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World Run I / Reports

Goto: 12005-06-24 12005-06-26 1USA

Distance today: 25.0 km (Accumulated: 23013.0 km)
Country: USA

2005.06.25. [Georgetown; cross of Hwy. 75 & Hwy. 34] - [Moorehead; cross of
Hwy. 75 & Hwy. 10].

25km, 2:22:14h. Excl. food, water, road-finding, toilet etc. stops
Total 22972km.

Start: 11:01am.
Finish: 13:25pm.
Time GMT - 7 hours

+19c, half overcast and medium wind at start.
25c and same at finish.


On today?s stage I had company all the way by Dane from Moorhead
University; a quite strong young runner with a personal best down near 4:00
for the mile!

I was happy to see that he had taken the time to come out there and we had
a long inspired talk about long distance training, competition, diet,
motivation etc. Very enjoyable to get an insight in another career at
another part
of the long distance events. It reminded me much of the same kind of
determination that I had when I started doing competitions many years ago;
though I never got as fast as Dane on the mile :-)

After the stage and a cosy meal in the garden of Clare Hauck, the librarian
at the University and my host in Moorhead, I went to "Hjemkomst" together
with Helle & Frank from Winnipeg who was my hosts there and who had driven
down here for a little re-union!

"Hjemkonst" - which means "homecoming" in English - is an annual
Scandinavian festival held in Fargo/Moorhead summing up many of the
Scandinavians in the US and CAN. I was surprised how vital and energized an
event it was; lots of century and even thousand year old Scandinavian music
and songs, telling of mutual ancient history, display of traditional
and house & farm items ...and of course FOOD, which plays a big part in the
Scandinavian identity and holidays ! I got my fair taste at the buffet
with Icelandic, Finnish, Norwegian, Swedish and Danish traditional food.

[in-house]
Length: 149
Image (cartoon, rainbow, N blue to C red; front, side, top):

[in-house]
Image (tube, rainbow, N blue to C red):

Especially the Norwegian "Lutefisk" made a big impression which I won?t go
details with here... ;-) Very interesting though, and a reminder of how
the food is in the Scandinavian tradition. Especially during
holidays I think that the food is actually the centre of the celebration -
perhaps because there in ancient times was a scarcity of food during the
long Scandinavian winter where the midwinter holiday provided an
to, for a moment, enjoy all the much desired foods !

I for one probably will remember my "Australian Christmas" for a long
time: very very friendly people down there, but a Christmas meal of
barbequed chicken & French fries in a 40c semi-desert with a single sweaty
eucalyptus tree outfitted w. glitter & glass-decorations... No, for a
Scandinavian there isn?t a holiday without special food - and an abundance
of it.. :-)

Interesting was also a speak given by an Icelandic explorer who had crossed
the Artic and Antarctic continents. I enjoyed very much hearing the
similarities and differences in logistics when undertaking such expeditions
compared with mine - those require much more extreme-situation planning,
but is benefited by being more limited in time; yet some central
considerations are the same.

In connection with his interesting memories from the expeditions I was also
encouraged to tell the audience of the encounters and aspects of my little
run and had fun time thinking back at all what has occurred of enjoyable &
difficult situations along the many miles across the continents.



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